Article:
Wednesday morning I read the news that Jarrid Wilson, Pastor and advocate, took his own life. He is one in a recent string of Pastor’s being overwhelmed and ending it all.

As I read I wept.

I wept for his church and friends. I wept for his parents, wife, and kids.

But mostly I wept for all the other Pastors out there that feel like Jarrid.

Jeremiah 9 reads

“I wish my head were a well of water
and my eyes fountain of tears
So I could weep day and night
for casualties among my dear, dear people.”

Pastors are my people. As Pastor Greg Laurie, Senior Pastor of Jarrid’s church soberly points out,

“At the end of the day, pastors are just people who need to reach out to God for His help and strength, each and every day,”

I weep for them because I know what it is like. In fact, I have never spoken about it publically or privately, with the exception of my wife. For nearly two years, with increasing regularity, waves of seemingly insurmountable hopelessness overwhelm me. It takes everything within not to stay there. There are moments I fear I will.

More and more I’m finding my peers, whether only in waves or as a life long struggle, feel much the same.

We suffer in silence.

After all, it’s a nice sentiment that we should be able to be open. What if we were though? Would others still allow us to carry their burdens with them, as pastors do, or would they decide not to contribute to the weight and bear it on their own?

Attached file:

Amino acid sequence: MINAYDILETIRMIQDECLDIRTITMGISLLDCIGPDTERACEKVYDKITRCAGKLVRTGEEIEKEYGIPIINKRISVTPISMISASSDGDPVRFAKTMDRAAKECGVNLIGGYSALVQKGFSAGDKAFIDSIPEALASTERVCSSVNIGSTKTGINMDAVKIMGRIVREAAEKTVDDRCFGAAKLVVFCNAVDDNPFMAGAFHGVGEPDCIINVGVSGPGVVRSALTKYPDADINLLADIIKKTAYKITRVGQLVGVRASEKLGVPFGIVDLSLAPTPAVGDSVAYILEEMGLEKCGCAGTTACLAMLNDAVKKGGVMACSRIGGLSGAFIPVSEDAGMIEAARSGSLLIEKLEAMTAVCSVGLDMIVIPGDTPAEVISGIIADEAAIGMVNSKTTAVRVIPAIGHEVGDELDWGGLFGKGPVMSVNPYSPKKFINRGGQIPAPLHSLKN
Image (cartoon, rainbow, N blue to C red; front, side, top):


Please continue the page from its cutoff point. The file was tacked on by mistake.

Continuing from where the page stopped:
Would it compromise the receptivity to our message that Jesus has come to bring us the fullness of life, hope, and love that surpasses all the anguish?

How does someone like me, an author of a book all about finding our identity in Christ, admit this type of feeling without the vital message I believe God has given me losing credibility?

However, we must.

We must talk about it. Despite the consequences (which I believe should only be good) we must talk about it.

We can pontificate the reasons why this feeling is so prevalent, and while important, in the long term we must yield to something greater. Pastors and all people of faith need to band together and hold each other up.

Just because we know hopes name, it does mean it’s always on our lips. There are times when the worries of life push it away.

Health, family, the past, our vices, work. I’ve been there, and I know how easy it is to let it push hope aside.

This is exactly why we must stick together. We must hold each other up. It is imperative that we speak our pain and help each other carry it. We must know we are not alone and that we are not wrong.

This world does leave us wanting, hollow, and barren. It is only Christ who gives life, hope, and liberty, but that doesn’t mean we will not be overcome. After all, many of the Bibles most prominent characters felt this way.

Moses, David, and Jonah are three of the many who asked God to take their life. Not to mention Samson who did take his life. Yet every single is listed in Hebrews 11 in what we call the Hall of faith. They are men of which it is said, “…whose weakness was turned to strength…” (Heb 11:34).

As we stand together helping each other stand with God, we can have faith that our weakness will be turned to strength. How? When? That’s the mystery, but that doesn’t negate the truth. What it means is that we must stand with each other because if the Scriptures tell us anything, it is that those who struggle are not abandoned by God, but are primed for God to use.

Brothers and sisters who are fighting for the kingdom of love–the kingdom of God–who are also fighting for their lives, you are not alone.

When we weep, let us weep together.